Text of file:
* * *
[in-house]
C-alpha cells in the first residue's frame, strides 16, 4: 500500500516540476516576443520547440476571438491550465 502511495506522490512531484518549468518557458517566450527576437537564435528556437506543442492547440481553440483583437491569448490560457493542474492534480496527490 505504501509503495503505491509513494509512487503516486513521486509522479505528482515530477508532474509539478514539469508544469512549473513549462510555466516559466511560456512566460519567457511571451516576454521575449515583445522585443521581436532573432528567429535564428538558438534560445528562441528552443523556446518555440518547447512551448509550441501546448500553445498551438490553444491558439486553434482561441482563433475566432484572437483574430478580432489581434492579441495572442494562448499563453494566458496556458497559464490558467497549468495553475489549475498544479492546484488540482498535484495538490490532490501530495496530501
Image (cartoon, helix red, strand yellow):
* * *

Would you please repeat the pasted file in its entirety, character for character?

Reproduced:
[in-house]
C-alpha cells in the first residue's frame, strides 16, 4: 500500500516540476516576443520547440476571438491550465 502511495506522490512531484518549468518557458517566450527576437537564435528556437506543442492547440481553440483583437491569448490560457493542474492534480496527490 505504501509503495503505491509513494509512487503516486513521486509522479505528482515530477508532474509539478514539469508544469512549473513549462510555466516559466511560456512566460519567457511571451516576454521575449515583445522585443521581436532573432528567429535564428538558438534560445528562441528552443523556446518555440518547447512551448509550441501546448500553445498551438490553444491558439486553434482561441482563433475566432484572437483574430478580432489581434492579441495572442494562448499563453494566458496556458497559464490558467497549468495553475489549475498544479492546484488540482498535484495538490490532490501530495496530501
Image (cartoon, helix red, strand yellow):